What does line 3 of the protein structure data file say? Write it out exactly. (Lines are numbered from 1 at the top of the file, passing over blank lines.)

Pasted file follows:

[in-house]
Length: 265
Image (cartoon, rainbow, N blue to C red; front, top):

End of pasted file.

Image (cartoon, rainbow, N blue to C red; front, top):